Ten years ago Saab and its former British aerospace partner BAE Systems donated 70 million kronor ($9.7 millon) to a company called Hivex, which aimed to cure South Africa's HIV sufferers by using radio waves.
Thousands of patients were told that all they had to do was regularly visit radio-wave rooms which would automatically treat them for the virus.
The Saab investment was part of a procurement deal with the South African government, a trade-off for the purchase of Jas Gripen jets.
Two years ago, however, Hivex stopped its research operations in the country as experts claimed that the radio waves were having no effect on HIV patients' health.
Swedish broadcaster SVT claimed on Thursday that the treatments "may have cost people's lives" as some stopped taking their usual medication in the belief that the radio waves alone would cure them.
Sebastian Carlsson, press officer at Saab, told The Local that SVT had found nothing new in its research.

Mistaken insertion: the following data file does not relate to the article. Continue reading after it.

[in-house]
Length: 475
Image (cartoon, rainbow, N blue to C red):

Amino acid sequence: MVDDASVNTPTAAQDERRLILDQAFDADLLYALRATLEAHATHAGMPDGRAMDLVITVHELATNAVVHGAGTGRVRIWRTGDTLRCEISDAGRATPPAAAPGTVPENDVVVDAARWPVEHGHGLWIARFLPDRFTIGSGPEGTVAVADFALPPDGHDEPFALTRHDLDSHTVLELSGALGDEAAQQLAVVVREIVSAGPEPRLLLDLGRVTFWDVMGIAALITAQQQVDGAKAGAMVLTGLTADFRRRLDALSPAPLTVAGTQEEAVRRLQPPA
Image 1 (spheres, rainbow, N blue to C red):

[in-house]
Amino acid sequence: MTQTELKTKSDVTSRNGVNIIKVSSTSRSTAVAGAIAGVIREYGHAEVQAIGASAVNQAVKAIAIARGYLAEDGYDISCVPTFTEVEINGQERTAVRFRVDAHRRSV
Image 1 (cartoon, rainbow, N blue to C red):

"In a press conference in April 2003, a scientist said very clearly that this method was not a cure for HIV," he explained.
He added that in accordance with South African law at the time, Saab and BAE had to invest in high-risk endeavours, as South Africa was only freshly out of Apartheid and struggling to educate and employ the population.
"In context, this was a country needing risk capital for research and development into HIV. It was an industrial cooperation and many other countries were involved in similar deals," he told The Local.
Carlsson dismissed claims that Saab may have cost the lives of South Africans.
He added that Saab's Grintek Defence offshoot named the export company of the year in South Africa for the last two years running, and that there are also a string of "really successful" companies in South Africa that were funded by the Swedish company's investments.
SVT's report will air at 8pm on Thursday.